Canoe Paddle: shorter for tripping?

-- Last Updated: Jun-21-10 6:27 AM EST --

Do you use a shorter paddle for tripping...given that the load shortens the freeboard and bit? Or do you find that the decrease in freeboard is not enough to warrant a shorter paddle? I am a reasonably light packer and only carry maybe 40-50 pounds max.

Do you find a difference whether you are sitting with a bent shaft or kneeling with a straight (I tend to find myself more sensitive to changes in shaft length when sitting and using a bent shaft than with kneeling...but maybe it's just me).

If you have a critical comment in regards to my question then please keep it to yourself...much appreciated.



Paddles Of Several Different Lengths
Loaded, you may be 2-4" closer to the water. I use different paddles with different boats and shorter paddles if I plan on sitting than the ones I use when I plan to mostly kneel. If your paddle is too long your stroke will be more horizontal and you will tire quicker. I was a “Stick in the mud” about different sizes, and shorter paddles until a friend “Converted” me in 2003. It does make a difference. WW

I like to have 2 sizes onboard …

– Last Updated: Jun-20-10 11:29 PM EST –

...... a 54" and a 57" or 58" . Loaded or not , I like to switch now and then , nice change .

The longer paddles give me more power ability when I feel like that ... the shorter great for easy going . I use straight shaft only , kneel for solo or sit for tandem ... still like to use both .

I certainly agree on multiple sizes for multiple boats. I have found the right size for each boat I have…the right size when paddled empty.

I guess I am asking if that optimal size for that boat will change when the boat is loaded. I am guessing that the answer is yes.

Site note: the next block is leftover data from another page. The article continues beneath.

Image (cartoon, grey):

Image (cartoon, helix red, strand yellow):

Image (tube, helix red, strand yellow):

I am a reasonably light packer for the most part and only carry maybe 40 or 50 pounds max (for a cold weather trip) so the amount that my freeboard will change may be less than someone who packs more.

I guess I should have caveated that in my question…


water is prettry heavy
You probably aren’t going to have to sink your boat as much as you might think to displace 40 lbs of the stuff.

Depending on what type of paddling you are doing and what type of boat you are in, another factor in paddle length is how long your boat is. If you want to be able to reach close to the ends of a long boat to execute effective stern pries and draws, and bow draws, you might need or want a longer paddle than for sit and switch flat water paddling. In fact, with a load you might even want it more, and the boat length doesn’t change with load.

It sounds like I pack a bit heavier than you Matt.

I use the same paddles with my boat loaded as with it unloaded.

I find the boat handling characteristics quite different. But for me, the paddle mechanics don’t seem to change much.

another caveat…
I really ought to just get out and paddle all my boats with and without a load for comparison sake, but unfortuantely I have an injury that I have has taken me off the water for a while

(bad tendonitis from paddling too much)